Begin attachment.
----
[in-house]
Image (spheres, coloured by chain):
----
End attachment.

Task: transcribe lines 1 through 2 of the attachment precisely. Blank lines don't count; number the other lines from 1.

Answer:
[in-house]
Image (spheres, coloured by chain):